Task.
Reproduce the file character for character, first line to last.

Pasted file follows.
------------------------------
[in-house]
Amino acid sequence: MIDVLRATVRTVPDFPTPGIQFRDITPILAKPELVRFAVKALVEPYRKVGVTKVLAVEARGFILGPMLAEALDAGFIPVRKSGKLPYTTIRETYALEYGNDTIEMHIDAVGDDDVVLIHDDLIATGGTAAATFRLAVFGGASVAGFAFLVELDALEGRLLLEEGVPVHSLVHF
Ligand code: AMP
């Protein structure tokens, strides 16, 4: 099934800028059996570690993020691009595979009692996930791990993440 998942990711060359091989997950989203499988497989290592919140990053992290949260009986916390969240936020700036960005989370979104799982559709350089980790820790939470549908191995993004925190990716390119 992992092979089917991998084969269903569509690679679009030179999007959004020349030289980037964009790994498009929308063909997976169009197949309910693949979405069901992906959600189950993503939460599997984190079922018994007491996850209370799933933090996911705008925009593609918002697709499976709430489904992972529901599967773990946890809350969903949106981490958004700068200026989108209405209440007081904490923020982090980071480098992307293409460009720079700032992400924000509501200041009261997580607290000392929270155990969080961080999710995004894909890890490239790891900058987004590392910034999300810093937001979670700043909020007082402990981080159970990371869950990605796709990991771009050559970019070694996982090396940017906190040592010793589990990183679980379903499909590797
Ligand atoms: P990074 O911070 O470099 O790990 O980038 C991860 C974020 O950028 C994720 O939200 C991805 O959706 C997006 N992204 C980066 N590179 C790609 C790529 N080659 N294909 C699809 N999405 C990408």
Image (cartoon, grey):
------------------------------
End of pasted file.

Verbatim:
[in-house]
Amino acid sequence: MIDVLRATVRTVPDFPTPGIQFRDITPILAKPELVRFAVKALVEPYRKVGVTKVLAVEARGFILGPMLAEALDAGFIPVRKSGKLPYTTIRETYALEYGNDTIEMHIDAVGDDDVVLIHDDLIATGGTAAATFRLAVFGGASVAGFAFLVELDALEGRLLLEEGVPVHSLVHF
Ligand code: AMP
């Protein structure tokens, strides 16, 4: 099934800028059996570690993020691009595979009692996930791990993440 998942990711060359091989997950989203499988497989290592919140990053992290949260009986916390969240936020700036960005989370979104799982559709350089980790820790939470549908191995993004925190990716390119 992992092979089917991998084969269903569509690679679009030179999007959004020349030289980037964009790994498009929308063909997976169009197949309910693949979405069901992906959600189950993503939460599997984190079922018994007491996850209370799933933090996911705008925009593609918002697709499976709430489904992972529901599967773990946890809350969903949106981490958004700068200026989108209405209440007081904490923020982090980071480098992307293409460009720079700032992400924000509501200041009261997580607290000392929270155990969080961080999710995004894909890890490239790891900058987004590392910034999300810093937001979670700043909020007082402990981080159970990371869950990605796709990991771009050559970019070694996982090396940017906190040592010793589990990183679980379903499909590797
Ligand atoms: P990074 O911070 O470099 O790990 O980038 C991860 C974020 O950028 C994720 O939200 C991805 O959706 C997006 N992204 C980066 N590179 C790609 C790529 N080659 N294909 C699809 N999405 C990408």
Image (cartoon, grey):